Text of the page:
The Government of the Northwest Territories announced Wednesday the creation of a task force to ensure compliance with public health directives from the Office of the Chief Public Health Officer during the coronavirus pandemic.

Premier Caroline Cochrane, Minister of Health and Social Services Diane Thom, and chief public health officer Kami Kandola held a news conference on Wednesday to introduce the NWT Compliance and Enforcement Taskforce, headed by Conrad Baetz, assistant deputy minister of operations for the Department of Lands.

Conrad Baetz, assistant deputy minister of operations at the GNWT Department of Lands, will oversee an enforcement task force under the chief public health officer to ensure health directives during the coronavirus pandemic are followed. He will oversee close to 30 staff across the territory and work closely with organizations like the RCMP and municipal bylaw enforcement to ensure directives are followed.

The NWT is aiming to create a “strong and nimble task force” to strengthen public health orders from Kandola.

Kandola said there will be an “expanded presence” of known people in communities across the North who Baetz will train.  

“While the numbers are not yet final, we are getting roughly 30 staff in place to strengthen public health efforts,” she said.  

“They will be people communities know and respect. They have kept their lands and wildlife for years. 

“Mr. Baetz will get them rapidly trained to enact orders and will get to work right away.”

Kandola said Baetz will be her “right hand” and he was selected to head this task force because some residents have requested that the GNWT step up enforcement to protect their health.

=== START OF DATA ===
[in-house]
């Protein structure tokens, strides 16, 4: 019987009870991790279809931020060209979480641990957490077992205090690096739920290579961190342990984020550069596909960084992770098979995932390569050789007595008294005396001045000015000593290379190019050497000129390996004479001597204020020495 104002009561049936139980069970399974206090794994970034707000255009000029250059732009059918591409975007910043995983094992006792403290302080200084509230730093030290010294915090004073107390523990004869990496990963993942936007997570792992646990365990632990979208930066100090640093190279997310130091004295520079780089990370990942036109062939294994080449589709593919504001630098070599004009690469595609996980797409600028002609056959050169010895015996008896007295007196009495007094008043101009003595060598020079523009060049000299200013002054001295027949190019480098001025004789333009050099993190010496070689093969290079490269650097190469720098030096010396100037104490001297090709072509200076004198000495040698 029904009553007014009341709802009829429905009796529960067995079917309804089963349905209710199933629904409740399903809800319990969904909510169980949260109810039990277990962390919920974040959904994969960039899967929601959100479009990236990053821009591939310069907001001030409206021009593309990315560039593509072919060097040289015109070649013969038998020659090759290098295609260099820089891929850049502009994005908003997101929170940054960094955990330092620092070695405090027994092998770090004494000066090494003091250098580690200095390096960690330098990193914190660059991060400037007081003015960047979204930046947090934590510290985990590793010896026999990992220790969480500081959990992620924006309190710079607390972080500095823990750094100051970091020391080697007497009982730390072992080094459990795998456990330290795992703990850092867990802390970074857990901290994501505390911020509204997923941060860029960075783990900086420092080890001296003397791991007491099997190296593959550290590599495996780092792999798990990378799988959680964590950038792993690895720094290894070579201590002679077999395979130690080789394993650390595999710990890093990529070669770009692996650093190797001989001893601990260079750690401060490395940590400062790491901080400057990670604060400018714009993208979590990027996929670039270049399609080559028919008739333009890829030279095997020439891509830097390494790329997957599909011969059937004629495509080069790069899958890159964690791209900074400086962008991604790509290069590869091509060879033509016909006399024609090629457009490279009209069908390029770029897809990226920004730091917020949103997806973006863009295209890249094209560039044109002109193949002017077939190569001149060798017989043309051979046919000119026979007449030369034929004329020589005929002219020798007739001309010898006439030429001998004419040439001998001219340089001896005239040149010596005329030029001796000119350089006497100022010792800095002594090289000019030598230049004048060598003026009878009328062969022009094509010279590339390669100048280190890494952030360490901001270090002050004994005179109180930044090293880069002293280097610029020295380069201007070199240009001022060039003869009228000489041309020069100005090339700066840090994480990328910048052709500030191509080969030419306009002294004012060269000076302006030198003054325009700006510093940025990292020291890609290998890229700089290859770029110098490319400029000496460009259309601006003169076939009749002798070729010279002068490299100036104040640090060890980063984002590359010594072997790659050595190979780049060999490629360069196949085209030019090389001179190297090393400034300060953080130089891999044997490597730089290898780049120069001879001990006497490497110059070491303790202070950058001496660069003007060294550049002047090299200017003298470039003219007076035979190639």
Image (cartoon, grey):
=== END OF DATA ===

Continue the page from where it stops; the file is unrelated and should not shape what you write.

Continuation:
“The Public Health Act and a declaration of a state of public health emergency provides the delegated powers to the task force to enforce any current and future public health orders,” said Kandola. “This was to respond to the Covid-19 pandemic.”  

Enforcement powers 

Baetz told reporters that the enforcement task force will have the power to execute orders from Kandola as well as the Public Health Act, citing Section 32 of the act.

In recent weeks, NNSL Media has reported on community leaders being concerned about public gatherings despite orders from the GNWT to maintain physical distancing.

In March, Mike Harrison received publicity for ignoring directives by Kandola’s office to self-isolate for 14 days upon crossing the NWT border. Instead of going into quarantine, he drove directly to his remote cabin at Lindberg Landing.

Kandola said the GNWT has been responsive to instances when people have contacted Protect NWT on enforcement infringements since March. To date, there have been 180 total complaints filed since the public health emergency was declared. Nine of those cases remain under investigation.

Simon Whitehouse

Simon Whitehouse came to Yellowknife to work with Northern News Services in 2011. Simon obtained his journalism education at Algonquin College and the University of Ottawa. Simon can be reached at...

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